commercial lease agreements

It’s important to understand the foundations of a commercial lease agreement – whether your business is growing and it’s time to move from your home office to formal office space or open a new business.

Leasing office or retail space can be a complex process, and it’s important to make sure that you cover all of your bases. As a business owner in Florida, you should stay updated on what needs to be included in a commercial lease agreement.

Different Types of Commercial Lease Agreements

Not all lease agreements are the same. Depending on your needs, you may choose one of the following net commercial leases whereby the landlord and tenant split the cost of taxes, maintenance, and insurance.

Ultimately, there are three main types of commercial leases in Florida, namely;

  • Single net lease where the tenant pays rent and property taxes
  • Double net lease where the tenant pays rent, property taxes, and insurance costs
  • Triple net lease where the tenant pays rent, property taxes, insurance, and other building costs

The tenant and the landlord’s financial responsibility depends on the specific contract.

What Should Be Included in Your Commercial Lease Agreement

The details of a commercial lease are usually more flexible than a residential lease agreement. There is space for conversation and negotiation. Yet the following should be outlined in the lease contract regardless of the specific details.

Basic Information

All commercial lease agreements should clearly state the property’s physical address and the details of all parties involved in the agreement. The lease needs to be signed by both landlord and tenant to be valid.

Lease Term

The exact dates of the lease term need to be outlined, and renewal options for the lease. Keep in mind that commercial lease agreements are usually long-term, and the exit clause is normally quite strict.

Cost of Lease

The cost of the lease and rent increases (and how these increases will be calculated) should be in the agreement. The security deposit should also be stipulated, as well as the requirements to receive the money afterward. Request a breakdown of how all costs will be shared between landlord and tenant, including maintenance, insurance, property tax, etc.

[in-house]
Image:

Details of the space

The lease should outline all of the space that your business is leasing, including hallways and restrooms. If any general building rules and/or regulations apply, then they should also be spelled out.

Modifications

The process for improvements or modifications should be stipulated in the lease agreement. The financial responsibility for these modifications needs to be outlined, and the correct procedure dictated to reduce disruption. Even smaller details such as permission to hang signs need to be confirmed.

Subleasing

The lease agreement should explicitly state whether or not the business can assign the lease or sublet any of the areas and the circumstances and cost of doing so.

Handling disputes

While you always hope for a smooth, streamlined agreement, it’s important to prepare for the opposite. The commercial lease agreement should mention how disputes will be handled, such as mediation or arbitration.

Commercial Lease Agreements in Florida

The legal structure of commercial lease agreements may differ from one state to another. In Florida, commercial lease agreements are largely governed by the following;

  • Commercial lease agreements do not provide the same level of consumer protection as residential lease agreements.
  • There is no standard form for commercial lease agreements as business requirements vary widely.
  • It’s normal for businesses to negotiate the terms of a commercial lease agreement.
  • Many commercial lease agreements are long-term when compared to residential leases.
  • Terminating a commercial lease can lead to high financial costs.

Handin Law’s Real Estate Services

Before you sign on the dotted line, it’s important to get the guidance of a commercial real estate lawyer who is familiar with local law. At Handin Law, we’re proud to have served Coral Springs and the greater Florida area in all business law and real estate law needs since 1993.

We’re familiar with all of the details that need to be included in a commercial lease agreement, and we’ll be the added guidance to sign your lease agreement with confidence. Contact us at (954) 796 9600 to find out more.

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Clarence Choe